Friday, April 24, 2020

Stitching: Band Sampler Finish & Mini Motif Start

Well... the world is still all weird; and there isn't any real relief in store, here in my area of Canada, anytime soon. It has just been announced that all summer events (including the famous Calgary Stampede) are to be cancelled as per the city and province. My husband keeps saying that "summer is cancelled". It sure is feeling that way. I can't believe that in the month since I last posted some stitching items that: a) it's been a month, b) nothing has changed, c) this has started to feel normal. 
All that said, I have no new job and while I'm trying to get one there are almost none to apply for and it's depressing to see what is out there. Luckily we are still okay and should be eligible for some government support funds next month. Sooo... that should mean I have lots of stitching done right? Well... sort of. I have some, for sure, but not really as much as I would have thought I'd get done in a monthly quarantine situation. Same with reading, I'm finding it hard to concentrate on stitching (with no frogs present) at times and so progress is slow. But I do have a finish! 

On the left is: 
On 40ct Ivory Linen. Using DMC Variations (Autumn pack from Lakeside) thread. 

I substituted a couple elements of the design. The biggest change I made was to not use the cat or dog design in the doorways and instead out little snakes in. It's a subtle change but meaningful to me as my pets aren't furry but scaly. Speaking of the snakes we just installed new tanks for the boa (whose now over 6 feet!) and I'm super happy to have upgraded space for him and one other. 

Here's a picture of the snakes change up close: 

Finishing the band sampler left me with the option to start a new piece. As we were just getting into quarantine I figured I'd go with a little piece I've had in mind that uses some of the motifs from Kelsyn's Itty Bitty pattern.
These are on 36ct Weeks Dye Works 'Gun Metal' Linen using DMC Coloris thread. I'm really pleased with how nice the Coloris thread is and it's variegation (considering it's quite cheap compared to most overdyed). Working on the dark linen has definitely given me a challenge and the frogs have come to visit a lot. But I'm enjoying how it looks, and it has even given me a need to use my magnifier (that in 10 years I've used maybe 3 times) when I misplace a stitch. I have the three you see below on top, and enough room for three more motifs underneath if I want. So I'll see what I'm feeling when I get to the bottom row; I might swap to a different variegated type of thread. 
Here it is to date: 

Thanks to everyone who continues to take the time to read and care about my stitching and posts. I hope everyone is staying safe, sane and stitching!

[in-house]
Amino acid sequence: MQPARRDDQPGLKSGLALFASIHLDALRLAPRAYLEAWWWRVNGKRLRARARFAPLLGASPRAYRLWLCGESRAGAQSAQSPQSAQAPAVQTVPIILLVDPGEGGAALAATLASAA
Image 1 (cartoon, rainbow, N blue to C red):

Book Review: Stormsong

Stormsong by C.L. Polk

My rating: 4 of 5 stars

This is book 2 of Polk's debut series. I'm a little disappointed that Miles isn't our main character. Instead we get his sister. I really missed the banter between Miles and his partner in the first book. While our leading gal and her minor romantic interest (a woman) have a couple quip's; it just didn't feel the same (or as romantic) as Witchmark did. It is critical that you read book 1 (Witchmark) before you read this one. Stormsong continues the complex politics between nations, the discovery of souls/magic made in book 1, and the repercussions of war.

As stated above, the plot gets more complex the further into the Kingston Cycle Series we get. It worked fine for me, but I could see those who dislike highly politicized stories being unhappy about the focus. We have all our characters from book 1 plus some new ones; including our leading lady's semi-love interest.

Love Interest/LGBTQ+
Yes our leading lady's love interest is another woman. But if you're hoping for hot lesbian scenes, or even the cuteness we had between our two men in book 1, you're going to be disappointed. The entire side relationship felt very unnecessary. As though it was added in as an afterthought to the story. While the representation is good, and this is an 'own voices' series for Polk when it comes to sexuality; I'm just not sold on it feeling like add-on. Either develop the relationship a bit more, or just cut out anything above 'overtones of attractiveness' and flesh out the story later in series.

This is a great series. It has fun, excitement, intrigue, complexity, politics, and magic. What more could you ask for? As this is only Polk's sophomore release I am really looking forward, to not only more from this series but, other books from her. I think TOR has found a shining new voice who will help make fantasy characters less archetypal and feel more like people we might know today (just handling magical issues of their world). I look forward to seeing more of myself and other more modern representations in fantasy books.

Please note: I received an eARC of this book from the publisher via NetGalley. This is an honest and unbiased review.

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Wednesday, April 15, 2020

Book Review: The Night Monster

The Night Monster by Sushree Mishra

My rating: 5 of 5 stars

I adore how dark and creepy the illustrations are in this book. Sanket Pethkar, illustrator, has done a wonderful job of making the pages feel like the shadows and curtains are moving. I felt like I would hear the owl hooting as Sushree Mishra, writer, talks about why the night is the way it is.